“In our ambitions and our ideas of what success is, it’s so easy to lose sight of the big picture,” says Beader. “It’s possible that the future won’t look anything like the past — and that may be exactly God’s plan.”
“One thing people have to understand is that you can even burn out doing what you love,” agrees Trent. After counseling, regular care from a doctor, and a schedule overhaul, Trent says, “I’m doing much better.”
Dangerously Discouraged Situation 5: Where Are You, God?
Not long after Dan arrived at his children’s ministry for work one morning, he took a phone call he’ll never forget. There’d been a terrible car accident, and emergency workers were calling for a chaplain. Dan’s pastor was out of town, so Dan agreed to come to the accident scene. Once there, he met a mother of two young children and a newborn. The father had been killed in the accident. The mother was inconsolable — and furious with God. That day and in those that followed, the mother harshly rejected any attempt Dan made to console her, even rejecting his mere presence. So Dan focused on being unobtrusively supportive and helpful, and over the next weeks, he prayed constantly for the woman and her children.
But two months after the accident, Dan learned that the woman’s newborn had died of SIDS. Dan continued to pray and tried to reach out to her, again to no avail. A few months after the infant’s death, the woman was arrested on drug charges. She went to jail and the state took her children.
Dan was dismayed — he’d spent months supporting and reaching out to the family, untold hours praying for them, and despite all this, the family was torn even farther apart and had turned completely away from God.
“It all seemed so…ineffective,” Dan laments. Though time has passed, Dan says he’s still haunted by the family. He’s still haunted by the fact that his faithful ministry to them was seemingly in vain. “I still think about them and wonder how they’re doing,” he admits.
Give It to God
In situations such as this, Dan says he learned that children’s ministers have to recognize that it’s actually God that people are rejecting — not them. “It’s not personal, even though it may feel that way.” And, he says, he also learned the importance of “dusting yourself off” when you’re knocked down. “My advice? Don’t let rejection or failure affect your faith,” he says. “Our responsibility is to reflect the Light — we’re not the source of Light. So if you’ve done that, then you’ve done what you are meant to do. And you have to be okay with that.”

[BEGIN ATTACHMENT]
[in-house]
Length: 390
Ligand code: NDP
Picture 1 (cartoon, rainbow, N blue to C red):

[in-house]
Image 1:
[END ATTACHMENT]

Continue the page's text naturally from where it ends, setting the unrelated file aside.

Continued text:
“When we try our very best and it doesn’t produce the results we hope for, we assume we’ve failed,” says Kuehn. “[But] we never know just how much our support, presence, and prayers play a part in God’s ultimate plan in other people’s lives. Never give up — on what God can do in this family, on God’s faithfulness, and on his power at work in you.”
|I look forward to my ministry work.
|Despite minor frustrations or even failures, I generally feel a sense of accomplishment when it comes to my ministry.
|I feel motivated when I think of my ministry.
|I am energized when I imagine the future possibilities of my ministry.
|I have plenty of support from other leaders in the church and from my pastor.
|I have a good relationship with my volunteer team.
|When we have a ministry success, it’s really a team success.
|I feel we successfully connect to the parents my ministry serves.
|My contribution to the ministry is a source of personal fulfillment.
|I would like to still be serving in this ministry in 5 years.
|I feel valued by church members.
|I feel valued by my leader.
|I can’t imagine doing anything more fulfilling than what I do now.
|My life outside my ministry work is healthy — I get plenty of sleep, eat a balanced diet, and have healthy relationships.
|In the past three months, my life has been stable and generally good.
|I feel hopeful and generally positive about my future.
|I don’t cry easily.
|I don’t think others would describe me as moody.
|I haven’t felt hopeless or depressed except in passing moments.
|I feel like what I do matters and that I matter to people in my life.
If you answered “NO” to:
Less than 5 questions:
You’re dealing with the frustrations of ministry in a healthy and normal way. Seek out a good friend outside the ministry who’ll be your sounding board when you get frustrated. Hang onto your positive outlook — it will serve you well!
5 to 10 questions:
You’re dealing with a moderate level of frustration that you should take seriously. Shore up your outside-of-ministry support with a good friend who listens well, and talk with your leader or pastor. It’s important to deal with specific issues that are causing you the most frustration or discouragement before your moderate discouragement becomes worse.
More than 10 questions:
You’re dealing with discouragement, burnout, and serious frustration. You need immediate assistance from a trusted leader who can help you sort through issues and make a plan to overcome your discouragement. If you have felt this way for more than even a couple of months, you may need to set an appointment with your physician to get a regular checkup to ensure you’re not dealing with a medical issue. Your spiritual leader can help you begin to focus on healing yourself by taking time out to be with God. If a ministry situation is the root of these feelings, it’s time to take action to remedy the situation so your well-being isn’t compromised.